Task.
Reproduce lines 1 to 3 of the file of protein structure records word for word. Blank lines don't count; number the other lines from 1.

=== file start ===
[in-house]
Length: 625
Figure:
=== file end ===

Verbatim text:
[in-house]
Length: 625
Figure: